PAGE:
There were other comments, from AG Awesome and G-Walla, talking about the style of the column. So you don’t need to go back and check the comments, I’ll summarise.
I’ll soon be taking a more detailed look at the rise and fall of some publishing houses, likely starting with Square Enix, discussing the Tomb Raider franchises evolution through Crystal Dynamics until the current release. If there are any other classic games publishers that you think I should cover here, just let me know. There’s undoubtedly some I’ve forgotten about.
Anyway, I warned last week that there was a definite chance that this week would be null and void due to my time off work being consumed by GTA, but I figured it wouldn’t seem so much of an issue if that was what I was actually writing about, right? Right. So, let’s not beat about the bush anymore because, hell. I’m only human and want to immerse myself in Los Santos again.
When upstart developers DMA Design, ran by Dan and Sam Houser renamed Race ‘N’ Chase Grand Theft Auto, they could not have imagined in their wildest dreams that they were creating arguably the most lucrative franchise in video gaming history. Top down “cops and robbers” game GTA featured the player taking control of one of eight characters, with no discernible differences between one another, as they embark on a crime rampage set in three cities. Completing tasks and earning points completing criminal acts unlocks each city as you go along, with you having completely free reign on where you go and how you play the game. A unique soundtrack and the utter freedom of the city were pretty much unheard of at the time of it’s release and the game became a cult hit as soon as it’s demo was released to PC gamers in early 1997.
While the game courted controversy, with the ability to cause havoc, kill innocent people and police, steal cars and deal in drugs, GTA did well enough to get two mission packs, both set in 1960’s London. As we all know reading this though, that is not where things ended. Another top-down title was released, GTA2 which was set in the then-not-so-distant-future of 2013 (although that was technically never confirmed), the second title left little to be excited for as games such as Shenmue were showing what bigger developers could achieve with higher finances and the graphics were not improved enough that anyone would be excited about a third instalment. Thankfully, Rockstar North as they were now known, had taken this on board and didn’t just go ahead with making a 3D GTA game, they went into it trying to create the most advanced gaming world we had ever seen- which they achieved with the sprawling Liberty City of GTA III.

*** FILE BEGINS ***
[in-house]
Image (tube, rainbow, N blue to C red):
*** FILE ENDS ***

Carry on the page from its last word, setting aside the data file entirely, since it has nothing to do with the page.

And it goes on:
This was followed up by what many people see as the finest instalment of the series, Vice City. While a whole new game with new mission, city and even a 1980’s setting, Rockstar were adamant this was not GTA IV. Vice City introduced many new features, including the ability to ride bikes and jump walls. The final part of the GTA III trilogy was San Andreas, which was the biggest instalment until V. This featured a gang member in 1990’s Los Santos and featured everything from base jumping to jetpacks. A few handheld titles came out and were ported onto PS2, with Liberty and Vice City stories both starting life as PSP exclusives, with the DS getting Chinatown Wars later on.